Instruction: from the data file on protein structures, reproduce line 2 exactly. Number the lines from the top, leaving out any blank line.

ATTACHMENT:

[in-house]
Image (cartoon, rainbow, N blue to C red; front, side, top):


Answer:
Image (cartoon, rainbow, N blue to C red; front, side, top):